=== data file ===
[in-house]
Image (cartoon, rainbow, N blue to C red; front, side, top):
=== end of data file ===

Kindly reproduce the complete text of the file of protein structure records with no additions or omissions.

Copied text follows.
[in-house]
Image (cartoon, rainbow, N blue to C red; front, side, top):